Saturday, July 04, 2009
With tea taken for 197-1, it was definitely the Irish in the ascendency and the hosts continued to pile on the pressure with Stirling bringing up his maiden First Class century with a six of Ongondo. It was the Kenyan seamer who had the final say of the contest however as four balls later he induced the nick from Stirling for Ouma to pouch his first catch as skipper. Alex Cusack and Andre Botha added a further 46 runs before Tikolo started a run that could just have brought Kenya back into the contest.
Botha was the first to fall finding Seren Waters at midwicket and Kevin O'Brien followed first ball giving Tikolo a return catch. Andrew White was the next to depart in the most unusual of circumstances as the ball rebounded of the short leg fielder for Ouma to complete the catch. Tikolo then bowled Gary Wilson with the score on 313 and then to complete his 5-for had the dangerman Cusack popping one up for Collins Obuya to catch at short leg in the final over of play. Ireland closed the day on 323-7 with the game still up for grabs. Given the score at tea, Kenya will be very happy with how their final two sessions went and will be looking to mop up the Irish tail quickly today so they can take their turn at the crease. After their comeback yesterday, it is vital that they do this to return the pressure to Ireland.
Tikolo's figures of 5-67 are particularly impressive and give him yet another career best. There must be concern though that the 20 overs he bowled may take a toll on the 38 year old's batting.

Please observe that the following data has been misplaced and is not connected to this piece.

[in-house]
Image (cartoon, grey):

Kenya have selceted a deep batting line up and they will need to apply themselves in the same manner as the Irish openers if they are going to reap any rewards from the first innings. Having had little competetive practice, the top order especially will need to be at their most vigilant to keep out the Irish attack. If they can do so and if the bowlers complete their job this morning, then there could yet be light at the end of the tunnel for Kenya.
picture taken WCL 2007 copyright Kenya cricket.com
Thursday, July 02, 2009
Captain Kyle McCallan says his team hungry for more success
Defending champion Ireland launches its campaign for an unprecedented fourth ICC Intercontinental Cup title when it takes on Kenya at Woodvale Road, Eglinton from Friday.
Captain William Porterfield, fast bowler Boyd Rankin and wicketkeeper Niall O’Brien, who were key members of the side in April as well as last month, will miss the opener against Kenya. Porterfield and Rankin are on county duties with Gloucestershire and Warwickshire while O’Brien is recovering from an ankle injury which is expected to keep him out for up to six weeks.
McCallan added that Ireland’s cricketers are fond of four-day cricket. “The four-day format of the game is the one which I personally, and all the team enjoy. You can experiment with different field settings and the bowlers get a chance to operate in long spells.